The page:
Wednesday 10 January 2007 — This is almost 18 years old. Be careful.

Here’s a well-known fact about Python assignment: When you have a list (or tuple) on the left-hand side, and a list (or tuple) on the right-hand side, each element on the left is assigned a value from the right, just as if it were in its own assignment statement:

>>> a, b, c = 1, 2, 3

>>> a, b, c

(1, 2, 3)

>>> [a, b, c] = (1, 2, 3)

>>> a

1

>>> b

2

>>> c

3

So far, I don’t think anyone is surprised by this. But notice the recursive nature of the definition. This means that an element on the left can itself be a list (or tuple):

>>> a, (b, c, d), e = 1, (2, 3, 4), 5

>>> c

3

>>> a, _, e = 1, (2, 3, 4), 5

>>> e

5

This can be helpful with functions returning multiple structured values:

def points():

''' Return two pairs of numbers. '''

return (x1, y1), (x2, y2)

# Now I can call points and unpack it flexibly in the same statement:

a, b = points()

(ax, ay), b = points()

_, (bx, by) = points()

(ax, ay), (bx, by) = points()

Handy.

## Comments

Brandon Corfman9:33 AM on 10 Jan 2007def print_point((x,y)):

print x,y

pt = 1,2

print_point(pt)

But every time I start to use it, I think it may be too clever.

Stuart Dootson12:01 PM on 10 Jan 2007Joe W.1:07 PM on 10 Jan 2007Ned Batchelder1:48 PM on 10 Jan 2007Joe: The underscore is not special. It's just another identifier, used in this case because it an unobstrusive name for a variable I'll never use. It's used just like "dummy", or some other name.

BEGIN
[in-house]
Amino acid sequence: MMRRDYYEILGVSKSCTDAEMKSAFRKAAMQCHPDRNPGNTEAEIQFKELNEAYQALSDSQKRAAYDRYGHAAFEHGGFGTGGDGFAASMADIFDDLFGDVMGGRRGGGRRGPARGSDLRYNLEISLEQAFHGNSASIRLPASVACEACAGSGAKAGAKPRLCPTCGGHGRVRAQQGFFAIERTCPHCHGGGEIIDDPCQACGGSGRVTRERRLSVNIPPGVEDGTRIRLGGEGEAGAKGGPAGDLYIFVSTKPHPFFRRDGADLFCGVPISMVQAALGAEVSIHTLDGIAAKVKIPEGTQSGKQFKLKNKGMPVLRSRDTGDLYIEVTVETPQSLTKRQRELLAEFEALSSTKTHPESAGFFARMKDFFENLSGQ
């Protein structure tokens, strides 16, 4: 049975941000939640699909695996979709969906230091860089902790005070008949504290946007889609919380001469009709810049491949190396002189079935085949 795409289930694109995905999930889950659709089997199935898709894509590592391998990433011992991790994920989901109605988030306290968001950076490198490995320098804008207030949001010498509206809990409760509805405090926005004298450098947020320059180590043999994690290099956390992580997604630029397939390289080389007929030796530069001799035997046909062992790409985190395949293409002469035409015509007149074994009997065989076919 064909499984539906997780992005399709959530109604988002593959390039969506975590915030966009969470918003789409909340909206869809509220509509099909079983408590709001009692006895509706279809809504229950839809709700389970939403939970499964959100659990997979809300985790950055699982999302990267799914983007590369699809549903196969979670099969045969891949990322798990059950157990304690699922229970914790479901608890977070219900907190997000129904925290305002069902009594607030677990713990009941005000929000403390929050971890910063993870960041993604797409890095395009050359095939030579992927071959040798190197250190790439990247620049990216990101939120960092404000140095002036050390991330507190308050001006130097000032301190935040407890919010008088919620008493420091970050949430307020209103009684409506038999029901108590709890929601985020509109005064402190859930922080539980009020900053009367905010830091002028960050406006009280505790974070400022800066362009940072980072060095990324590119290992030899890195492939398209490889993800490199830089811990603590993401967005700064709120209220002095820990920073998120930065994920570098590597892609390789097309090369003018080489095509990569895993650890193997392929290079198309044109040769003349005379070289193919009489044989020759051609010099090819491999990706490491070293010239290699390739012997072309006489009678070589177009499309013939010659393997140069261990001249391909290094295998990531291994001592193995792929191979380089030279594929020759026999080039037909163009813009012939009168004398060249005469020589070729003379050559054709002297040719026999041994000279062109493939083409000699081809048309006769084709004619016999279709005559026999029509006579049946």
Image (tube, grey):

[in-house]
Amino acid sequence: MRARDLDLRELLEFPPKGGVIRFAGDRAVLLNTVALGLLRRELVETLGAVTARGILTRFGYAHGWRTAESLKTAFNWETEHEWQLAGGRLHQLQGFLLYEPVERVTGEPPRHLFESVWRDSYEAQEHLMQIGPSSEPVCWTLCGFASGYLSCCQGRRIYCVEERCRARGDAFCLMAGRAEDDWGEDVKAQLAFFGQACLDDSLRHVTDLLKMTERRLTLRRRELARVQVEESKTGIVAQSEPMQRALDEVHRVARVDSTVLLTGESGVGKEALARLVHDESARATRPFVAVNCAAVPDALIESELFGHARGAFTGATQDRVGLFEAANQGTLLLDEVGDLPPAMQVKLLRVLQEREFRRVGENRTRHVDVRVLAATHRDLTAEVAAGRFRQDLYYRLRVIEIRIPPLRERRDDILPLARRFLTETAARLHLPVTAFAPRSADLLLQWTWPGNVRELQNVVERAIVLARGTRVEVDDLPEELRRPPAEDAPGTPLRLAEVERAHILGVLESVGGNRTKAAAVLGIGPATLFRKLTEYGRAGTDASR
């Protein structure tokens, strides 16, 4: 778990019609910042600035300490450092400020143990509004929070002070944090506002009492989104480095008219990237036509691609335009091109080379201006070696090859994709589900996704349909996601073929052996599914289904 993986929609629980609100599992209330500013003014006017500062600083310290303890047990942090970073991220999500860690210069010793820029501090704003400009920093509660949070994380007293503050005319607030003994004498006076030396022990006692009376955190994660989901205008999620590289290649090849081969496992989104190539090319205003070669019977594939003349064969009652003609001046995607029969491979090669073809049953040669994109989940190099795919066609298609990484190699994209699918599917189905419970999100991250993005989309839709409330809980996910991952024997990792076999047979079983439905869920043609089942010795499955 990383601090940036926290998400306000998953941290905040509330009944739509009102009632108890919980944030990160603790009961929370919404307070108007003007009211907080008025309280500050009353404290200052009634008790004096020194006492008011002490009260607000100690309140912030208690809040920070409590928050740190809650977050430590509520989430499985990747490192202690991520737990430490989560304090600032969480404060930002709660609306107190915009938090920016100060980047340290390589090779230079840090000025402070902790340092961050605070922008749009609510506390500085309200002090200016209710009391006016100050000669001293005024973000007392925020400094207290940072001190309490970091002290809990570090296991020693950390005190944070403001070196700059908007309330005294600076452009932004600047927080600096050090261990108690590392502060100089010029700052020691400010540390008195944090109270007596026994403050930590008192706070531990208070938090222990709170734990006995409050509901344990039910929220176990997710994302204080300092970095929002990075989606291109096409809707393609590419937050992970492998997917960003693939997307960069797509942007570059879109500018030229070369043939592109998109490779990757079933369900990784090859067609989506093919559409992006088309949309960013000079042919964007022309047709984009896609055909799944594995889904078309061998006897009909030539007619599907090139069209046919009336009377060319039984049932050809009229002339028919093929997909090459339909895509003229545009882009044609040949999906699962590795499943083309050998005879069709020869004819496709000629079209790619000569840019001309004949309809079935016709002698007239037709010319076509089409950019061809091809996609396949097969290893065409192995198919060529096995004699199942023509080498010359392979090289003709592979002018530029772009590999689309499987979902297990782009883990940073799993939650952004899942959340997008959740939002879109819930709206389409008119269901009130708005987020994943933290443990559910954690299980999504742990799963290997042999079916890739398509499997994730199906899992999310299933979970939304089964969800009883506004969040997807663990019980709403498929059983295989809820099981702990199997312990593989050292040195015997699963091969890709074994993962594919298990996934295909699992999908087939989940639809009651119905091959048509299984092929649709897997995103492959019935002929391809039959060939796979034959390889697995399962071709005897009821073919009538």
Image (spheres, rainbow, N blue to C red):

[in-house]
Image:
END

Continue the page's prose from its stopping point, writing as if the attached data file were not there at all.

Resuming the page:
DeanG2:44 PM on 11 Jan 2007I'd be cautious of ever assigning a value to '_' when it's the interactive mode's object name for the last returned value.

>>> _

Traceback (most recent call last):

File "", line 1, in ?

NameError: name '_' is not defined

>>> print 5

5

>>> _

Traceback (most recent call last):

File "", line 1, in ?

NameError: name '_' is not defined

>>> 5

5

>>> _

5

>>>

===========

..and I'm glad to see Python uses a back-slash instead of an underscore to wrap an expression to a new line.

Omer Trajman3:33 PM on 11 Jan 2007Patrick Maupin12:58 PM on 17 Jan 2007Assume we have:

x = set([1,2])

y = set([2,3])

And we want to get the element that is the intersection.

You could do something like:

z = x & y

assert len(z) == 1

z = z.pop()

but instead, you can just do:

z, = x & y

This looks a little funny, but it throws an exception if there is not exactly one element in the intersection, and binds z to that element.

Patrick Maupin12:58 PM on 17 Jan 2007Assume we have:

x = set([1,2])

y = set([2,3])

And we want to get the element that is the intersection.

You could do something like:

z = x & y

assert len(z) == 1

z = z.pop()

but instead, you can just do:

z, = x & y

This looks a little funny, but it throws an exception if there is not exactly one element in the intersection, and binds z to that element.

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